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The last person the FBI believed had paintings from the Gardner Museum heist has died

Robert Gentile died of a stroke at Hartford Hospital.

Robert Gentile is brought into the federal courthouse in a wheelchair Monday, April 20, 2015, for a continuation of a hearing in Hartford, Conn. (Cloe Poisson/The Hartford Courant via AP)

Robert Gentile, the last person believed to have treasures from the Isabella Stewart Gardner Museum heist of 1990, has died.

Gentile’s attorney Ryan McGuigan told Boston.com Gentile died Friday of a stroke at Hartford Hospital. The FBI considers Gentile the last person known to have possessed items from the heist, but Gentile denied this until his death, McGuigan said.

On St. Patrick’s Day in 1990, burglars stole more than half a billion dollars worth of art. In that theft, two men showed up at the museum in the overnight hours dressed as police officers. They restrained the security guards and left soon after with 13 pieces from the collection, including works from Rembrandt, Vermeer, and Degas. The art has never been found.

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In 2013, the FBI announced that the art had traveled from Boston to Connecticut to Philadelphia, while some ended up in Maine. A woman from Maine reportedly told the FBI her husband had handed two paintings to Gentile in 2003, according to WTNH.

Gentile, who had an extensive criminal record and served time in prison, was believed to have connections with those suspected of getting the art after it had been stolen, but he denied ever having any of the works.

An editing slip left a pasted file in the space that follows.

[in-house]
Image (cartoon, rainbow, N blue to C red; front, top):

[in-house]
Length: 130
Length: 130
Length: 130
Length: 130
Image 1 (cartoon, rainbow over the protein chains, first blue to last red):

“I had nothing to do with the paintings. It’s a big joke,” Gentile said in a phone interview with The Associated Press in 2019 after being released from prison.

Authorities didn’t think so. They said the widow of another mobster said her husband gave Gentile two of the paintings, and that Gentile talked about the stolen work while in prison.

In a search of his home that led to his 2013 conviction for illegally selling prescription drugs and possessing guns, silencers, and ammunition, prosecutors said federal agents found a handwritten list of the stolen paintings and their estimated worth, along with a newspaper article about the museum heist a day after it happened.

There is currently a $10 million reward for information that leads directly to the repossession of the stolen art.

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Material from the Associated Press was used in this report.

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